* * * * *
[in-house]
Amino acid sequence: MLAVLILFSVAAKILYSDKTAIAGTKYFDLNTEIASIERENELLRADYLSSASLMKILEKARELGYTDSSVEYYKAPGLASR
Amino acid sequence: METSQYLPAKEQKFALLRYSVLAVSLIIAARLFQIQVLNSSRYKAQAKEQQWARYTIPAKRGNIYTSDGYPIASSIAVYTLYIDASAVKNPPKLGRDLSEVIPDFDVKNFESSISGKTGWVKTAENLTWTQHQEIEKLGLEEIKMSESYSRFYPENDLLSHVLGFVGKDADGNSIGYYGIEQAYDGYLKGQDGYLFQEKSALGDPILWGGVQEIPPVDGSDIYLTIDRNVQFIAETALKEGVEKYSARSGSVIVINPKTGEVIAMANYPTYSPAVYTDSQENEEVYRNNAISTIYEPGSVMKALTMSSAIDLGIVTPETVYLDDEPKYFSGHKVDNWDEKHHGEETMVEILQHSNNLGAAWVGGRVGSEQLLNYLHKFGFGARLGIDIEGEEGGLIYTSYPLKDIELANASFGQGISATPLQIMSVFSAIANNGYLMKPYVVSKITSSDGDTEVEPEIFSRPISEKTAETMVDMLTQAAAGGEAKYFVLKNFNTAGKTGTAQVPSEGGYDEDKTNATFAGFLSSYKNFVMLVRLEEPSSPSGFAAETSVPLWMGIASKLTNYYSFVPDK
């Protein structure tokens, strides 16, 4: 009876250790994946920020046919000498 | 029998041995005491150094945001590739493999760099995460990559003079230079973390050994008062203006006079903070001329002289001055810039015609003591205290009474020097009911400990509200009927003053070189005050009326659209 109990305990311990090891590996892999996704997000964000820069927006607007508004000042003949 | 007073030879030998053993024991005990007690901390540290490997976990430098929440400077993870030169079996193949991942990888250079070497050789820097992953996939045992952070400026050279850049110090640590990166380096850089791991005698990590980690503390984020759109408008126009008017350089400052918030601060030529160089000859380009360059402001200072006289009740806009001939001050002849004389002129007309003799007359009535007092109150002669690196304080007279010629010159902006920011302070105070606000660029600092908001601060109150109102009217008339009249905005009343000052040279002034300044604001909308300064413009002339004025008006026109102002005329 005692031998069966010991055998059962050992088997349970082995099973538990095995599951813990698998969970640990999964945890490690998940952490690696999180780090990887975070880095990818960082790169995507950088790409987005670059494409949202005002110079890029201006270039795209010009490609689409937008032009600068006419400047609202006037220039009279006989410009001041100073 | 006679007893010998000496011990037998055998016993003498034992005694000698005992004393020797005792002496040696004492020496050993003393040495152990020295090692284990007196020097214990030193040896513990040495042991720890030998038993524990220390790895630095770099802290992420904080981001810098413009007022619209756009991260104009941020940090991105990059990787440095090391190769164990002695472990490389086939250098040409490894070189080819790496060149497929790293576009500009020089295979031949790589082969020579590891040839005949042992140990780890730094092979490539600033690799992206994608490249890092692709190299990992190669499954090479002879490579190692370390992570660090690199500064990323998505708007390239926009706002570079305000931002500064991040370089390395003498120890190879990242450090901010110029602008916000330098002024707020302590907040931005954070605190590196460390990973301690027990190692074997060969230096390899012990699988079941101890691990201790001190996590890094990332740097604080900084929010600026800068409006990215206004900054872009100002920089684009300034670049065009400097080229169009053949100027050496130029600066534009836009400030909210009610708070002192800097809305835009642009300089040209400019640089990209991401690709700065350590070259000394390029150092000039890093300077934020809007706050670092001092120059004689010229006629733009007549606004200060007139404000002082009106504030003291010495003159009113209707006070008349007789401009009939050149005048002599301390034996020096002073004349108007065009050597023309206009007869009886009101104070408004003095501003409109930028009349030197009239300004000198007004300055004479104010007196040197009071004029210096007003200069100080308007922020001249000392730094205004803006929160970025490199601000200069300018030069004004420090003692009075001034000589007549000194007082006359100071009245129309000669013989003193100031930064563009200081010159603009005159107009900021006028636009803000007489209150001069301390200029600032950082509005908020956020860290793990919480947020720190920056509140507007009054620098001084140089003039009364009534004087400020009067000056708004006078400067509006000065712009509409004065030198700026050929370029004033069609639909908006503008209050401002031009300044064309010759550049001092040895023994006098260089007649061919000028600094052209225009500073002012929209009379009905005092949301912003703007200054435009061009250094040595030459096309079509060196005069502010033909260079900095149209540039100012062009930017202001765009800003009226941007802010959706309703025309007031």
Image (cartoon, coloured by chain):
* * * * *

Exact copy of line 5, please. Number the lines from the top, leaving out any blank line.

Image (cartoon, coloured by chain):